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The datasheet says that \$R_{SEN}\$ connects to ground. It does not clearly explain the two symbols. The intent of using different symbols is to control the physical realization of the circuit. There is no universal standard. In this case, a different symbol for \$R_{SEN}\$ implies that it is to be connected to ground separately from the other ones.

The datasheet says that all LED current flows through \$R_{SEN}\$. Since this current may be significantly large and noisy, it can induce voltage drop in the ground wire/plane through which it returns to the source. Such voltage drop in the ground plane can interfere with the operation of more sensitive analog circuitry. Suppose you have a node referenced to ground, but a large current pulse through the ground plane induces a voltage drop such that the sensitive 'ground' point is now at some non-zero voltage. Now your sensitive node isn't referenced to ground, but to ground+noise.

In a complex system of these devices it would be critical to ensure that every \$R_{SEN}\$ is referenced to the same ground potential, or they will behave differently because of the ground voltage drop problem.

(As you noted in your comment, page 13 of the datasheet does mention that the \$R_{SEN}\$ ground connections should be "closed" for this reason--though it is not clear what 'closed' means. Maybe they meant 'close.')

The datasheet says that \$R_{SEN}\$ connects to ground. It does not explain the two symbols. The intent of using different symbols is to control the physical realization of the circuit. There is no universal standard. In this case, a different symbol for \$R_{SEN}\$ implies that it is to be connected to ground separately from the other ones.

The datasheet says that all LED current flows through \$R_{SEN}\$. Since this current may be significantly large and noisy, it can induce voltage drop in the ground wire/plane through which it returns to the source. Such voltage drop in the ground plane can interfere with the operation of more sensitive analog circuitry. Suppose you have a node referenced to ground, but a large current pulse through the ground plane induces a voltage drop such that the sensitive 'ground' point is now at some non-zero voltage. Now your sensitive node isn't referenced to ground, but to ground+noise.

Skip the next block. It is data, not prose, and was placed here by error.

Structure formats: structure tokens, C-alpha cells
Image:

In a complex system of these devices it would be critical to ensure that every \$R_{SEN}\$ is referenced to the same ground potential, or they will behave differently because of the ground voltage drop problem.

The datasheet says that \$R_{SEN}\$ connects to ground. It does not clearly explain the two symbols. The intent of using different symbols is to control the physical realization of the circuit. There is no universal standard. In this case, a different symbol for \$R_{SEN}\$ implies that it is to be connected to ground separately from the other ones.

The datasheet says that all LED current flows through \$R_{SEN}\$. Since this current may be significantly large and noisy, it can induce voltage drop in the ground wire/plane through which it returns to the source. Such voltage drop in the ground plane can interfere with the operation of more sensitive analog circuitry. Suppose you have a node referenced to ground, but a large current pulse through the ground plane induces a voltage drop such that the sensitive 'ground' point is now at some non-zero voltage. Now your sensitive node isn't referenced to ground, but to ground+noise.

In a complex system of these devices it would be critical to ensure that every \$R_{SEN}\$ is referenced to the same ground potential, or they will behave differently because of the ground voltage drop problem.

(As you noted in your comment, page 13 of the datasheet does mention that the \$R_{SEN}\$ ground connections should be "closed" for this reason--though it is not clear what 'closed' means. Maybe they meant 'close.')

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The datasheet says that \$R_{SEN}\$ connects to ground. It does not explain the two symbols. The intent of using different symbols is to control the physical realization of the circuit. There is no universal standard. In this case, a different symbol for \$R_{SEN}\$ implies that it is to be connected to ground separately from the other ones.

The datasheet says that all LED current flows through \$R_{SEN}\$. Since this current may be significantly large and noisy, it can induce voltage drop in the ground wire/plane through which it returns to the source. Such voltage drop in the ground plane can interfere with the operation of more sensitive analog circuitry. Suppose you have a node referenced to ground, but a large current pulse through the ground plane induces a voltage drop such that the sensitive 'ground' point is now at some non-zero voltage. Now your sensitive node isn't referenced to ground, but to ground+noise.

In a complex system of these devices it would be critical to ensure that every \$R_{SEN}\$ is referenced to the same ground potential, or they will behave differently because of the ground voltage drop problem.